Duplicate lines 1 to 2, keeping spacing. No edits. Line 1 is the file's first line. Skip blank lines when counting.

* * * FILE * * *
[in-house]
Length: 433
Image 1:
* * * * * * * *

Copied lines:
[in-house]
Length: 433